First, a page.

SYDNEY, Australia, September 19, 2012 (ENS) – The impact of climate change on Australia’s unique plants, animals and ecosystems will cause extinctions and lost ecosystem services and require new ways of thinking about biodiversity conservation, finds Australia’s national science agency.
Conducted by the Commonwealth Scientific and Industrial Research Organization, CSIRO, the study modeled 100 percent of Australia’s land mass and did detailed ecological analyses of four priority biomes, covering around 80 percent of Australia.
“Climate change is likely to start to transform some of Australia’s natural landscapes by 2030,” said lead researcher Dr. Michael Dunlop. “By 2070, the ecological impacts are likely to be very significant and widespread.”
“Many of the environments our plants and animals currently exist in will disappear from the continent,” he said. “Our grandchildren are likely to experience landscapes that are very different to the ones we have known.”
The CSIRO researchers analyzed in detail climate impacts and adaptation options in four biomes: hummock grasslands of the arid interior of Australia; tropical savanna woodlands and grasslands; temperate grasslands and grassy woodlands; and southeastern Australia’s sclerophyll forests, which are open eucalypt woodlands.
The study suggests the Australian community and scientists need to start a rethink of what it means to conserve biodiversity, as managing threatened species and stopping ecological change becomes increasingly difficult.
“We need to give biodiversity the greatest opportunity to adapt naturally in a changing and variable environment rather than trying to prevent ecological change,” Dr. Dunlop said.
Australia contains one million different native species. More than 80 percent of the country’s flowering plants, mammals, reptiles and frogs are unique to Australia, along with most of its freshwater fish and almost half of its birds.
But under pressure from habitat change, overexploitation, pollution, invasive alien species and climate change, Australia’s biodiversity is already in steep decline, possibly faster than anywhere else in the world.
Australia has the worst mammal extinction record in the world – 27 mammals have become extinct in the last 200 years.
In addition, more than 1,500 mammals, birds, reptiles, amphibians and plants are listed as threatened with extinction under federal legislation. The Australian government also has identified 3,000 ecosystems facing extinction.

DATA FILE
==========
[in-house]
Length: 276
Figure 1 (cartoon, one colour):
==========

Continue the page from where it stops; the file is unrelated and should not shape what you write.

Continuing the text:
Dr. Dunlop said climate change will magnify existing threats to biodiversity, such as habitat clearing, water extraction and invasive species.
Future climate-driven changes in agriculture, water supply and electricity supply, could add to the pressure on species and ecosystems.
“These other threats have reduced the ability of native species and ecosystems to cope with the impacts of climate change,” Dr. Dunlop said.
Before concerns about climate change, most conservation objectives were focused on preserving biodiversity as it is, or restoring it to some prior condition from a current degraded state, or at best allowing some fluctuation within defined bounds, the study says.
However, the study finds, climate change will “drive continual and directional changes in the genetics, abundance and distribution of many species and in the composition, structure and function of ecosystems.”
Although most of these changes will be “essentially unstoppable,” the study says, in some situations management may be able to have some influence on how the changes unfold and may be able to reduce some of the losses.
“This could need new expectations from the community, possibly new directions in conservation policy, and new science to guide management,” Dr. Dunlop said.
“To be effective we also need flexible strategies that can be implemented well ahead of the large-scale ecological change. It will probably be too late to respond once the ecological change is clearly apparent and widespread,” he said.
The study found the National Reserve System will continue to be an effective conservation tool under climate change, but conserving habitat on private land will be increasingly important to help species and ecosystems adapt.
“While fire per se is not a threat to most Australian biodiversity, altered fire regimes are likely to be a significant driver of ecological change and a potentially driver of additional human impact. Drying is likely to lead to longer fire seasons and more weather capable of supporting intense fires across much of Australia,” according to the CSIRO report.
The study was funded by the Australian Government Department of Sustainability, Environment, Water, Population and Communities, the Department of Climate Change and Energy Efficiency and the CSIRO Climate Adaptation Flagship.